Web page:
Last February Yale’s President Peter Salovey announced the creation of the Center for the Study of Race, Indigeneity, and Transnational Migration (RITM). The new academic center is one of many initiatives announced under the umbrella of “A More Inclusive Yale” - the Yale Administration’s response to some community concerns about inclusion and diversity that came to the fore last fall. The RITM Center is devoted to advancing intellectual work related to Ethnic Studies and houses the undergraduate Ethnicity, Race, and Migration (ER&M) program. The RITM Center hosts public events on campus about race, gender, sexuality, and Native and diasporic communities in the United States and around the world.
Last week, I attended an RITM lecture led by American Studies professor Laura Barraclough titled “Rural Imaginaries and Spatial Justice in the Urban American Southwest.” Professor Barraclough is an Assistant Professor of American Studies and Ethnicity, Race, and Migration at Yale, and her research focuses on archival, ethnographic, and spatial analysis of urban life and culture. In her lecture, she touched on the construction of rural imaginaries in the American Southwest, specifically in terms of the history of charreria in Mexico and rodeo in The United States. Charreria is the official national sport of Mexico and involves equestrian competitions consisting of horse riding, roping and cattle handling. Similarly, rodeo involves horses and other livestock, originally designed to test the skill and speed of the cowboys and cowgirls. In her lecture, Professor Barraclough explained how charreria traveled from Mexico to the United States in the 19th century. Yet, today’s perception of rodeo revolve around American, often white, history, neglecting to recognize a Mexican narrative.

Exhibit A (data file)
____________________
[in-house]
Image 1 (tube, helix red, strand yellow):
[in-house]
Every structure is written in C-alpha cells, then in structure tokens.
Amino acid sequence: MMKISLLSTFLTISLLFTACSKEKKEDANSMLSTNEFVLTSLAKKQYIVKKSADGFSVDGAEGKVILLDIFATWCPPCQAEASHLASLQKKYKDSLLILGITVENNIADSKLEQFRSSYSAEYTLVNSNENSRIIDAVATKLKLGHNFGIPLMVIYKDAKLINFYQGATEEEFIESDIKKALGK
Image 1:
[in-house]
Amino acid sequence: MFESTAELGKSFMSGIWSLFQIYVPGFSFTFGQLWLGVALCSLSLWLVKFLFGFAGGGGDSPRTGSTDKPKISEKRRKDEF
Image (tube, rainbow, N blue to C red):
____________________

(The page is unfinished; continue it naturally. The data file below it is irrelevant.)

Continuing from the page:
Originally, I attended the lecture to complete an assignment for a class titled “Intro to Ethnicity Race and Migration,” taught by Alicia Camacho, a professor of American Studies and ER&M. Professor Comacho’s work focuses on transnational migration, border governance, and social movements in the Americas. In class, we learn about the historical roots of contemporary ethnic and racial formations and competing theories of ethnicity, race, and migration.
The whole lecture was amazing. My roommate and I are taking the class together and we both found the lecture totally fascinating. We had a great time discussing Professor Barraclough’s work, asking her questions, and learning about how to get involved. I was happy to engage in discussions with scholars and individuals who are equally invested in historical narratives as I am. As a prospective history or ER&M major, I also enjoyed the opportunity to learn about the work that I could engage with either over a summer or post-Yale.
As I mentioned before, the RITM center is new, but it has tremendous potential for growth. There is a lot of interest across campus for this type of exciting scholarship. My “Intro to Ethnicity, Race, and Migration” class alone has nearly 100 students enrolled. I’m also happy to see that Yale has allocated the resources and money to ensure that students learn about work that many of us have never been exposed to before. It is wonderful to see how one course can showcase on-campus resources, events, and scholars that I might have never encountered otherwise. I am really excited for the future.